Imagine playing an instrument that had developed over the last millennium, with repertoire from a multitude of countries. Now envision several period instruments from all over the world, allowing this diverse repertoire to be learned on the instruments for which it was written. While at first appearing quite ambitious, this dream is one that was set forth by the Eastman Rochester Organ Initiative.

Formally launched on Sept. 12, 2002 by Eastman Dean James Undercofler and Mayor William Johnson at the first annual Eastman Rochester Organ Initiative Festival, the EROI unveiled its plans to acquire several instruments patterned after historical models over the next 10 years. The first phase of the project, headed by organ professors Hans Davidsson and David Higgs, is underway with three main goals.

Kilbourn Hall houses an organ that was built in 1921. Though the organ was rebuilt in 1951 under the direction of Harold Gleason, Eastman’s first professor of organ, it will soon undergo a second renovation, to be completed in several phases. This organ will represent the project’s first goal of having an American concert organ.

Secondly, a new organ in the 18th century, late Baroque style will be built for Christ Church. This organ will be modeled after one of the best-preserved organs in Northern Europe, built in 1776. The organ will be suited to the music of J.S. Bach and his contemporaries. Mastery of this literature is paramount to any organist, and this instrument will ensure that such mastery is properly achieved. This organ should be completed in 2007.

The last goal of the first phase is to acquire an antique Italian organ. This organ, which was built in the 1770s in Naples, will be restored and brought to Rochester. Though the instrument itself was built in 1770, some of the organ’s pipes are even older, possibly dating back to 1650. After being documented and restored, the organ will be installed in the Fountain Court at the Memorial Art Gallery in 2004. It will be the first full-sized Italian organ in North America.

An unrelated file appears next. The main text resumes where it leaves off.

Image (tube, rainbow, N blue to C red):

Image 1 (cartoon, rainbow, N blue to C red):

From an organist’s viewpoint, the advantages of having such a wide array of instruments are clear. However, the advantages for the non-organist are also numerous. Historically speaking, the organ has been called a mirror of its time.

Because of the elaborate artwork on many of these organs, one cannot only ascertain the artistic ideas of the period but also the historical state of secular and sacred culture. Thus the organ project will not only benefit the musicologists in the area, but the art historians as well.

As part of the EROI festival,

visiting organ builders from the Gteborg Organ Art Center in Sweden came to Rochester to demonstrate the 17th-century technique of casting pipe metal on beds of sand.

This type of metallurgy seems to produce the most resonant organ pipes, and many organists prefer the sound of these pipes to more modern ones. Thus, from a scientific standpoint, metallurgists might be interested in discovering the qualities modern science has not yet recaptured.

While awaiting the completion of the project, the organ department will travel annually to the only place in the world that has a comparable instrument collection ? the Gteborg University in Sweden. Because students have to pay for all their own travel expenses, the department has begun a new community recital series to help raise the necessary funds. This series will expose the public and the university student body, to the wealth of organ literature that exists and to the diversity of keyboard talent located within in the walls of Eastman. The next recital will be held Nov. 22 at 7:30 p.m. in Bethany Presbyterian Church.

The completion of the project will result in a collection of instruments, including a new organ for Eastman Theatre, a romantic organ for Christ Church and an enhanced collection of practice instruments, which will be unparalleled on the North American continent.

Dinner for Peace was an unconventional way of protesting for Palestine

The dinner showcased aspects of Palestinian culture. It was a unique way of protesting against the genocide, against the Israeli occupation, against the university’s involvement with the genocide.

The Clothesline Project gives a voice to the unheard

The Clothesline Project was started in 1990 when founder Carol Chichetto hung a clothesline with 31 shirts designed by survivors of domestic abuse, rape, and childhood sexual assault.

Gaza solidarity encampment: Live updates

The Campus Times is live tracking the Gaza solidarity encampment on Wilson Quad and the administrative response to it. Read our updates here.